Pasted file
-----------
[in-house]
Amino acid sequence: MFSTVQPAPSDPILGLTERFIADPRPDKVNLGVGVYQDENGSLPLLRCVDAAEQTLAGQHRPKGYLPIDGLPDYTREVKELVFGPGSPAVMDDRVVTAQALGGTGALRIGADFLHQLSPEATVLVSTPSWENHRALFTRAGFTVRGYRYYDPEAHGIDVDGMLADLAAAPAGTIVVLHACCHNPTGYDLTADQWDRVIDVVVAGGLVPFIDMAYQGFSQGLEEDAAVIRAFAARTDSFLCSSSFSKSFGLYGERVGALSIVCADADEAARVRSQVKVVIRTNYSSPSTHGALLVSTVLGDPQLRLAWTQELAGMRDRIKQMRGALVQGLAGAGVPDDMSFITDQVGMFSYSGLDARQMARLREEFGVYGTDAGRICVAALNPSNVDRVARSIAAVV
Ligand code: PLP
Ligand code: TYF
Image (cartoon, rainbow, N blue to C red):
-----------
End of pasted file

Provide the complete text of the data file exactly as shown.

[in-house]
Amino acid sequence: MFSTVQPAPSDPILGLTERFIADPRPDKVNLGVGVYQDENGSLPLLRCVDAAEQTLAGQHRPKGYLPIDGLPDYTREVKELVFGPGSPAVMDDRVVTAQALGGTGALRIGADFLHQLSPEATVLVSTPSWENHRALFTRAGFTVRGYRYYDPEAHGIDVDGMLADLAAAPAGTIVVLHACCHNPTGYDLTADQWDRVIDVVVAGGLVPFIDMAYQGFSQGLEEDAAVIRAFAARTDSFLCSSSFSKSFGLYGERVGALSIVCADADEAARVRSQVKVVIRTNYSSPSTHGALLVSTVLGDPQLRLAWTQELAGMRDRIKQMRGALVQGLAGAGVPDDMSFITDQVGMFSYSGLDARQMARLREEFGVYGTDAGRICVAALNPSNVDRVARSIAAVV
Ligand code: PLP
Ligand code: TYF
Image (cartoon, rainbow, N blue to C red):